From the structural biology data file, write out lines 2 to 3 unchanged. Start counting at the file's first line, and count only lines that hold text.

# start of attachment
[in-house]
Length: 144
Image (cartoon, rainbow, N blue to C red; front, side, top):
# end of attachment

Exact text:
Length: 144
Image (cartoon, rainbow, N blue to C red; front, side, top):